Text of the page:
Hofer said Austria agreed that the switch should take place, given studies showing clock changes had a negative effect on people and animals and that they did not meet their original goal of saving energy.
“It has not brought us anything. It was an idea from the 1970s, the time of the oil crisis, and now is the time to end this measure,” he said. “The majority (of countries) supports this goal. There are some countries that are sceptical.”
Danish transport minister Ole Birk Olesen said there needed to be a full public debate on the issue, which had not yet happened in Denmark, and it was not realistic to scrap clock changes next year.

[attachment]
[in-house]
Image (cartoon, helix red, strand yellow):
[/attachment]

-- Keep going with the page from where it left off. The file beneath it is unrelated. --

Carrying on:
Luxembourg, where nearly half the local workforce actually lives in Belgium, France or Germany, urged a continued harmonised system, its minister saying it would be “catastrophic” if those countries were on different time zones.
Even in countries where there was a consensus to scrap clock changes, there was not necessarily agreement on whether to pick summer or winter time. Estonian minister Kadri Simson said there would be “heated debate” over which time to pick.